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The Human Family Tree (2009)

On a single day on a single street, with the DNA of just a couple of hundred random people, National Geographic Channel sets out to trace the ancestral footsteps of all humanity.

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Cast

Credited cast:
...
Himself - Narrator (voice)
Rest of cast listed alphabetically:
Michelle Dejesus ...
Herself - Genetic Subject
Michelle DeJesus ...
Herself - Genetic Subject
George Delis ...
Himself - Genetic Subject
Mehmet Demirci ...
Himself - Genetic Subject
Necla Demirci ...
Herself - Genetic Subject
Clive Finlayson ...
Himself - Director, The Gibraltar Museum
Kerry Nicholson Gonzalez ...
Herself - Genetic Subject
Jorge J. González ...
Himself - Genetic Subject
Julius Indaaya ...
Himself - Hadzabe Chief
Dennis Jenkins ...
Himself - Archaeologist, University of Oregon
Ravi Korisettar ...
Himself - Archaeologist, Karnatak University
Alma Mujezinovic ...
Herself - Genetic Subject
Eamon O'Tuama ...
Himself - Genetic Subject
Michael Petraglia ...
Himself - Archaeologist, Cambridge University
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On a single day on a single street, with the DNA of just a couple of hundred random people, National Geographic Channel sets out to trace the ancestral footsteps of all humanity.

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Documentary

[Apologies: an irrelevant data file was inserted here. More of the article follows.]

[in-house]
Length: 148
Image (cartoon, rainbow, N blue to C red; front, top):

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August 2009 (USA)  »

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could've been much more
19 February 2014 | by See all my reviews

Tells us all humans descend from one man who lived in Africa about 60,000 years ago, and that we all descend from one woman who lived in Africa 150,000 to 200,000 years ago. People had left Africa earlier, yet everyone alive today descends from these two relatively recent individuals.

That all Europeans, Asians, and Native Americans descend from people who lived in Central Asia 50,000 years ago.

That the Tova volcanic eruption in Southeast Asia some 74,000 years ago was a setback, and that there were other near-extinction events, presumably climate-related.

That most human genetic diversity today remains in Africa: the rest of the globe descends from only two main lines of migrants. Most human tribes never left Africa.

It's clear that the scientists who did the genomic research to learn this, have a map of when and where genetic markers first appear, and where they travel.

But we are shown only some of it, and only as an aside. Most of the show is of people today, most of it in Queens, New York, and a lot of the show is of people getting their cheeks swabbed.

There's a fascinating story to tell, of human migration. We're given bits of it, along with a lot of not much. Even the magnificent cave paintings of Southern Europe are given a just quick camera pan; as much time is spent showing a woman in New York drawing on a pad of paper.

So, as an update to Bronowski's epic The Ascent of Man, it leaves much to be desired. As How I Spent My Saturday, by the chief swabber of the genome project, it's well done.


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